Margaret Gowen and Co. Ltd. (2 Killiney View, Albert Road Lower, Glenageary, Co. Dublin. Formerly 27 Merrion Square, Dublin 2) is a professional archaeological company founded in the early 1980s.
The company has carried out a number of archaeological excavations and development-led investigations arising from the requirements of development control and planning process, in line with legal provisions of the Planning and Development Acts (2000) and the National Monuments Acts (1930-2004).
The excavation at Clancy Barracks was carried out after testing undertaken by Franc Myles. This testing uncovered, 3.6m below the current ground surface, a layer of river-deposited silty clays containing fragments of worked wood. On foot of this it was decided that all archaeological groundworks on site were to be monitored.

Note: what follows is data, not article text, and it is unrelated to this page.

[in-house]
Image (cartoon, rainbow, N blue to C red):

Clancy Barracks is situated at Islandbridge and is bounded to the east by Heuston Station, to the north by the River Liffey, to the west by the South Circular Road and to the south by St John’s Road West.
During monitoring, the rubble associated with the construction of the barracks was removed and the foundations of previously demolished barracks buildings were recorded. Beneath these several layers of post-medieval cultivation soils were also removed. Below this was a layer of sterile orange sandy clay. It was this layer which sealed the deposits that contained the wood recovered during the testing phase.